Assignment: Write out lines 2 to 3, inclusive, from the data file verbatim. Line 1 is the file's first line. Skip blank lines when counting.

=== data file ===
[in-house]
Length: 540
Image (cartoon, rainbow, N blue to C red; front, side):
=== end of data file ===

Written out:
Length: 540
Image (cartoon, rainbow, N blue to C red; front, side):